A Brief History of Bell Bottoms
A Brief History of Bell Bottoms
by Madeline Berger
April 25, 2018 | Last Updated: January 7, 2021
Here at Ragstock, we have over sixty different styles of bell bottoms. Why do we love them so much? First of all, they’re comfy as hell—made from the softest material with a stretchy waistband. Second, they’re super flattering on virtually everyone. Because the fabric flares out to be widest at the bottom, it creates the illusion of a smaller waist (and hey, we all wouldn’t mind that, right?).
After so many years of skinny jeans (still great, don’t get me wrong), it feels as though tons of pant cuts are having their moment. Bell bottoms totally make the list because, unlike overall larger pants like wide leg and the “mom jean”, they retain a certain amount of curve-hugging while still being airy and different. Curious about how these pants came to be? I was, so I did a bit of digging. If you’d rather skip the (surprisingly interesting) history lesson and get to the shopping, find all of Ragstock’s bell bottoms, starting at just $14.99.
I always associated bell bottoms with the mid-‘70s. It’s true that this is when they had their big moment—the spotlight was on the likes of Sonny and Cher, Queen, The Jackson 5, Jimi Hendrix, and Bowie—all wearing moderate to ultra-flared “Elephant Bell” bell bottoms in all kinds of cuts and colors.
Their origin, however, was long before this! In the 19th century, they were designed by the U.S. Navy to be worn by sailors for tons of practical reasons. For instance, the wide leg of the pant made it easier to grab if a sailor fell overboard! The pants could easily be slipped off if you did end up needing to swim to shore, flipped up to avoid a flooded deck soaking the hems, and even filled with air and tied closed or pulled over the boot in the need of a last-minute flotation device!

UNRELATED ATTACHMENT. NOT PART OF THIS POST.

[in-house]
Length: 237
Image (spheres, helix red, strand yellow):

Bell bottoms slowly phased out of the Navy circuit, replaced by straighter-legged alternatives. It wasn’t until the mid-‘60s when bell bottoms began to be purchased at local surplus and second-hand stores by young people in what would soon be recognized as one of the more distinct periods of youth counterculture in U.S. modern history. The bell bottom demanded attention and represented rebellion in a society saturated with straight-leg pants. It aligned with the strong anti-war sentiment at the time, conveyed in part by re-styling second-hand military clothing.
As with every trend started by the few, bell bottoms quickly became mainstream and stayed popular through the disco days of the ‘80s, disappearing for a while before a reappearance in the ‘90s cut as a denim jean.
Today, with the ‘90s being potentially more popular than they were in the actual ‘90s, bell bottoms are back. Now that you know their entire life story, find a pair of bell bottoms for yourself!
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